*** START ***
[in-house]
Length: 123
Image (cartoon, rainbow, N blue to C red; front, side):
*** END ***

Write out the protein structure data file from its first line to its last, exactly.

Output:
[in-house]
Length: 123
Image (cartoon, rainbow, N blue to C red; front, side):